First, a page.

Let’s see if I can create a mindset shift in some of you, in the way that you view your trade entry decisions.
This discussion comes about due to a question I received after last week’s article:
Can we talk about your first trade? In the third image you said you took a small entry to test how it felt. What do you mean by this?
This was the image and the trade markers for the first trade:
So what do I mean by this?
My initial expectations, as discussed last week, were for a strong bullish momentum drive.
The opening candle raised some doubts about that assessment.
The initial projection is in doubt. Let’s let the next candle play out and reassess.
My initial projection is likely wrong. So, as we learnt with bar-by-bar analysis, we adjust.
This assessment was not held with massive confidence. It’s simply what I assessed as most likely at this stage. And I’ll be quick to drop that view if further price action contradicts it.
Quite happily too. This kind of slow, grinding, massive-overlap trend is far from my favourite environment.
Maybe with hindsight the best decision would have been to stand aside and let more structure develop. Let the market resolve this opening battle. And then rejoin the game when there is structure and conditions more to my liking.
But hindsight-best decisions don’t always happen in real-time.
So when the pullback held it’s level, this is what I decided.
1. It’s a small position. A full stop out is less than the usual 1R risk.
2. It lets me feel the sentiment within the market. As much as I talk about learning to feel the buy/sell pressure through immersing yourself in the bar-by-bar action, the fact is that you can feel this FAR MORE effectively when you have some open position risk.
3. And it’s just a test of sentiment. If I like the feel of the market, I can add to the position. But if I don’t like it, I can scratch the trade well before the stop loss. A trade entry is not a locked-in-stone permanent decision. You can back out of that decision at any time.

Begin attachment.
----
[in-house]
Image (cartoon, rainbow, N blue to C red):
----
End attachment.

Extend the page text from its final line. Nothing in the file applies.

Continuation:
It’s this last point that I want to really highlight in this article. It’s a mindset shift that I think can benefit all traders.
Trade entry is a two-way door. If you step through it and don’t like what you see, you can turn around and go right back where you came from.
If you enter a trade and subsequently assess that there is no longer any edge (perhaps you were wrong, or perhaps the conditions have changed), then you can get out. No-one is forcing you to hold the position till the stop is hit.
My thanks to Jeff Haden and Inc.com for the two-way door analogy, which I “borrowed” from this excellent article – https://www.inc.com/jeff-haden/why-emotionally-intelligent-people-embrace-2-way-doors-rule-to-make-better-faster-decisions.html
I highly recommend reading this article. Especially if you find yourself to be someone who hesitates at trade entry. Is it possible you’re placing too much importance on getting the entry right? And seeing it more as a one-way door, rather than a two-way door which allows quick correction of your entry decision?
I’m reminded also of this social media post from back in February and then again early last month, which shares the exact same sentiment:
Repeated in bold font for maximum effect and burning into your brain…
A decision made quickly with permission to correct and amend that decision, is often superior to hesitation and delay until you’re sure you got it right.
I don’t put on a test position often. I do often wonder though if I should explore this as a future evolution of my own trading.
But the two-way door concept is a key part of my active trade management plan.
Consider whether or not it might have some place in your own trading. As always though, test and confirm before deploying with live capital.
Lance if someone is using MTF Analysis. Scalling in or scalling out is better. Have you ever thought of going to upper timeframes and scale in 15 sec or 1 min pullback.
I have no need to change how I’m trading.